Photo: Spacepleb, Flickr
A note from Deutsche Bank’s Peter Hooper almost reads like a eulogy for the eurozone.It leads in with this quote, from former Bundesbank Chief Economist Otmar Issing: “There is no example in history of a lasting monetary union that was not linked to one State.”
That kind of says it all right there.
As for how the Eurozone dies:
The history of past real or quasi monetary union of sovereign states suggests that the build-up of severe fiscal imbalances in parts of the union and the monetisation of these deficits have been the key reasons for failure. Mindful of the past experience, the fathers of EMU wanted to shield the central bank from any pressures to monetise fiscal deficits and hold countries responsible for their financial behaviour.
With political union, in our view, very unlikely, the best option for a stable future of EMU would be a return to the basic principles of the Maastricht Treaty. Without political leadership from the top, this outcome is likely to be driven by grass-root events (e.g. a rebellion of the backbenchers in the Greek or Berlin parliament against their leaders or a potential bank run in Greece). Given the recent momentum in the political debate, we would give such an outcome over the coming 6-12 months the highest probability. Alternatively, if the political elites remain in control and enforce the continuing execution of unviable adjustment programmes, we see a significant risk of an eventual break- up of EMU.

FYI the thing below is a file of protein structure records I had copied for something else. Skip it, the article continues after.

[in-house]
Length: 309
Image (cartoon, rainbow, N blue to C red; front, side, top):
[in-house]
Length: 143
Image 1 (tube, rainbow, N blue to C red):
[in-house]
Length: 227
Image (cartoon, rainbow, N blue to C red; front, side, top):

So that’s it: If leaders can take control and create political union, there’s a chance. Otherwise, breakup.
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